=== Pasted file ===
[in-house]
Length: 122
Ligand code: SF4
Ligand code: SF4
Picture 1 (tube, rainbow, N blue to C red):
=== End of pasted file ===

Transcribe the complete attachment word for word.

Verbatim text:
[in-house]
Length: 122
Ligand code: SF4
Ligand code: SF4
Picture 1 (tube, rainbow, N blue to C red):